For the third time in a row, Austin Rothbard found himself on vacation, in a scenic place that was perfect for motorcycling, without a motorcycle or any way to rent one.
That led to an epiphany: The country is full of motorcycles that aren’t being ridden, and might be full of riders like him who wanted to rent them.
The result is Twisted Road, Rothbard’s peer-to-peer bike rental service, which the entrepreneur is calling “the Airbnb of motorcycles.”
Some riding enthusiasts are applauding. But insurance experts are raising questions about liability, as they have about Airbnb and other sharing startups.
Launched late last year in Texas, the service is now nationwide, with a network of around 400 motorcycles and more than 5,000 registered users in 40 U.S. states, including Minnesota. Bikes typically rent for $75 to $150 a day.
“We’re connecting the owner with six bikes in the garage with the rider who’s traveling and really wants to ride,” Rothbard said. “We’re offering people an experience they can’t have any other way.”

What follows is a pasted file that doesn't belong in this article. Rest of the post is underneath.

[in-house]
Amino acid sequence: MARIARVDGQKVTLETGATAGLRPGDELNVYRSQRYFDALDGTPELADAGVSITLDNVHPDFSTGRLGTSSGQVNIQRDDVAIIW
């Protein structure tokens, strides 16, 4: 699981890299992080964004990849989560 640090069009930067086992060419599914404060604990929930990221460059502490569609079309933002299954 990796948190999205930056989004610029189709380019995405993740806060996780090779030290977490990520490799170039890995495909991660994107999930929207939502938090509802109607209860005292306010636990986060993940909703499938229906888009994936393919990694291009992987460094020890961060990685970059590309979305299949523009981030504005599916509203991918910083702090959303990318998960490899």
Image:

Owners are protected by a clause that requires all renters to be bike owners who carry their own motorcycle insurance. For hosting the exchange, Twisted Road takes 30 percent of the transaction cost, plus extra fees for other services.
It’s similar to a motorcycle sharing service called Riders Share, whose founding officer believes Rothbard and Twisted Road are courting disaster. Los Angeles-based Riders Share, founded a year earlier than Twisted Road, offers peer-to-peer bike rentals nationwide on the same short-term basis. But Riders Share’s pitch differs from Rothbard’s in one essential point: Riders Share carries its own insurance. Renters, who must be legal licensed riders, are required to buy the Riders Share insurance before they rent a motorcycle.
Insurance experts also sounded a cautionary note.
“If a person borrows a motorcycle they also need to check with their insurer,” said Janet Ruiz, of the Insurance Information Institute. “As with automobiles, policies vary and sometimes do offer coverage when you lend your motorcycle. It can be a costly mistake if you don’t have the right coverage.”